DHAKA — Four opposition activists were killed and nearly 200 people injured on Sunday when police opened fire at large Bangladesh Nationalist Party (BNP) rallies in the southeast.

The shootings happened in the towns of Chandpur and Laksmipur after the party held demonstrations to demand that the government resign in a dispute over electoral reforms, police said.

"They attacked policemen with stones and bricks. We fired back in self-defence. Two BNP activists were killed," Chandpur police deputy chief Amir Zafar told AFP.

Zakir Ahmed, head of Chandpur police station, said the clashes erupted after about 7,000 BNP activists tried to gather at a school ground without first obtaining permission from the authorities.

"We first shot tear gas to disperse them. But they became more violent," he said, adding 100 people -- including 30 policemen -- were injured.

In Laksmipur, one person died when police fired rubber bullets and tear gas at more than 4,000 activists after they "became unruly and attacked police with guns", local police chief Golam Sarwar said.

"Two persons were injured seriously during the clashes. One died on the way to hospital and another was rushed to a clinic in Dhaka in critical condition," he said, adding 30 others sustained minor injuries.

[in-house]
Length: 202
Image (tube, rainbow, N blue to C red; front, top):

Sub-inspector Yasmin Ara told AFP the critically injured person, also a BNP activist, died on the way to hospital.

Police also fired rubber bullets and tear gas at thousands of opposition supporters in three other district towns in the country's west, south and north, leaving more than 50 people hurt.

Authorities earlier banned rallies planned on Sunday in the capital Dhaka over fears of violent clashes between the BNP and the ruling Awami League party.

The BNP and its Islamist allies had called for a mass demonstration to demand the government stand down.

But the Awami League also said it would hold a rally in central Dhaka on Sunday, sparking the police decision to outlaw any political rallies that day.

The two parties have now shifted their programmes to Monday.

Bangladesh has a history of violent clashes between political activists, and the BNP has recently enforced a series of strikes in a new wave of unrest.

The South Asian nation of 150 million people witnessed deadly political violence in October 2006 when two major parties announced rallies on the same day, leading to the deaths of at least a half dozen activists.

Opposition anger was fuelled when the government led by Prime Minister Sheikh Hasina last year scrapped a system for overseeing elections.

The next national election is due to be held by early 2014.